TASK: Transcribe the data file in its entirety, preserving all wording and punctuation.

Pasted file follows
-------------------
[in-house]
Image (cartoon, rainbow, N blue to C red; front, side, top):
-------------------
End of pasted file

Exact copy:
[in-house]
Image (cartoon, rainbow, N blue to C red; front, side, top):